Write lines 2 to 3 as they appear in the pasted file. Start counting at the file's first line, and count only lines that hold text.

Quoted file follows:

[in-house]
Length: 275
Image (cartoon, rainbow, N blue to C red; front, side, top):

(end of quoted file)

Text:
Length: 275
Image (cartoon, rainbow, N blue to C red; front, side, top):